rilokileyADVENTUREEEE.jpg 21. Rilo Kiley, More Adventurous
Heartbreak is a universal experience with few comprehensive truths. In Rilo Kiley’s tumultuous search for happiness, for answers, for anything at all, they tackled those truths as they came. One of them materialized as 2004’s More Adventurous, which exposed the harsh reality that heartbreak thrives in indifference, but often exists as a result from caring too deeply—which is probably why the album also serves as the reminder that we’re all just fox food in the end. More Adventurous shows us that heartbreak can manifest from the loss of love, will or sympathy. That sometimes it generates vitriol, regret or uncertainty. That sometimes it comes without warning, and sometimes with too much. And that sometimes, it just is. —Montana Martin


pajamas.jpg 20. PJ Harvey, Rid of Me
Rid of Me is breakup album as exorcism. Across these 14 tracks, a 23-year-old Polly Jean Harvey howls, moans, flirts with murder, relives the Book of Genesis, and shrieks at the listener to lick her legs. At the center of it all is her extraordinary voice, an unrelenting banshee wail that’s the aural embodiment of the album’s prevailing preoccupation with love as a form of violence. Harvey’s masterpiece draws on Captain Beefheart, feminist rage, mid-century blues, and Dylan’s “Highway 61 Revisited”; its production and engineering by Steve Albini, who achieved an uncompromising dynamic range rarely heard in modern recordings, has become as shrouded in myth as the songs themselves. It seems difficult to imagine circumstances that could produce songwriting this extreme—Harvey herself has cited a sense of exhaustion, malnutrition, and something close to a nervous breakdown—but generations of scorned lovers are grateful for its existence. —Zach Schonfeld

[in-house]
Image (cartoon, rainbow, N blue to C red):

crazyforyaboo.jpg 19. Best Coast, Crazy for You
Best Coast’s Bethany Cosentino digs the simple pleasures: California summers, her cat, Snacks, and love. She really digs love. That penchant for simplicity bounces all over Best Coast’s debut, Crazy For You. After a string of sunny but sludgy EPs, Crazy features 13 tracks in 30 minutes. It’s the tightest, brightest music Cosentino and sole bandmate Bobb Bruno have pumped out yet. These tunes approach love and longing like a teenage diary entry (“I wish he was my boyfriend / I’d love him to the very end” pines Cosentino in “Boyfriend”), matching ’60’s girl group melodies with fuzzed-out guitars. There’s little variety here, but like The Supremes, the straight-ahead formula works: Sing about love, and make each chorus stick. And they do. —Justin Jacobs


for-emma.jpg 18. Bon Iver, For Emma, Forever Ago
Not since a creek drank a cradle in 2002 had anyone so quietly overtaken the indie-music community as Justin Vernon did in 2008 with Bon Iver’s For Emma, Forever Ago, when Jagjaguwar gave the album a wide release after Vernon pressed 500 copies himself the year before. This lonesome post-break-up album—with its mythic origin story in a remote Wisconsin cabin—is drenched in the kind of melancholy that feels a lot like joy, and sounds just as vivd. Rather than wallowing in loss, Vernon’s otherworldly falsetto and warm acoustic guitar provide a hopeful contrast to impressionistic lyrics like “Saw death on a sunny snow.” Vernon’s real trick was imbuing such hushed music with so much feeling and such seemingly nonsensical lyrics with such specific meaning to individual listeners. It was less like the end of a relationship and more like the promise of a new beginning. —Josh Jackson